Ingmarssonerna (1919)

aka Sons of Ingmar
Article 5176 by Dave Sindelar
Date: 6-5-2016
Directed by Victor Sjostrom
Featuring Victor Sjostrom, Harriett Bosse, Tore Svennberg
Country: Sweden
What it is: Drama

When a farmer sets up an arranged marriage with a woman who detests him, circumstances fall out so that a scandal emerges. In the wake of that, the farmer and the woman both have some hard decisions to make…

The fantastic content isn’t apparent from the above plot description, but the content is there, pops up early in the proceedings, and actually plays an important role in establishing the state of mind of the farmer and focusing one of the main themes of the movie. The content itself involves the farmer either dreaming or imagining that he climbs a ladder to heaven in order to consult with his deceased father about a difficult decision. I know I was a little confused by the title of the movie (which implies that it’s about several sons of Ingmar rather than just the one who centers in the plot), but it’s this sequence in heaven which establishes that the title doesn’t refer to characters, but rather to a whole filial ethical tradition.

The movie falls roughly into two parts. The first (told in flashback in heaven) deals with a series of events that result in the death of an illegitimate baby. The second half deals with the moral and ethical decisions made by both the farmer and the woman in determining what the right thing to do would be in the aftermath of these events. These decisions require wisdom, strength, and (most especially) knowledge; in this case, doing the right thing requires that each character knows how the other character truly feels. If you get caught up in the lives of these characters (and it’s an easy thing to do given the excellent performances by both Sjostrom and Bosse), then the final thirty minutes of the movie is surprisingly gripping, especially as both characters need to gain the necessary knowledge in order to act correctly. I really got into this movie, though with a couple of caveats. One is that the very ending seems a little pat and a bit hard to swallow. The other is that in some ways, I can’t judge the whole movie; it originally ran three and a half hours, and my print is only about two-thirds that length, and though I really enjoyed this version, I think it’s quite possible that another hour and fifteen minutes of it would have dulled my enthusiasm. At any rate, this version was excellent.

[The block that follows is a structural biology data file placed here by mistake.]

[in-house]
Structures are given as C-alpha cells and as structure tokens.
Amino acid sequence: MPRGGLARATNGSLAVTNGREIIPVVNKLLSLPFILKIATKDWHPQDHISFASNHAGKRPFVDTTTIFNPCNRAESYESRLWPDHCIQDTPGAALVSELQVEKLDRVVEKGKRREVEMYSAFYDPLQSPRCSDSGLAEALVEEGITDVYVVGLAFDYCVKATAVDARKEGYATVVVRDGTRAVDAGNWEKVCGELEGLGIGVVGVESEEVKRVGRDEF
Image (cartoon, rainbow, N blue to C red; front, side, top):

Leave a Reply

Fill in your details below or click an icon to log in: Logo

You are commenting using your account. Log Out /  Change )

Facebook photo

You are commenting using your Facebook account. Log Out /  Change )

Connecting to %s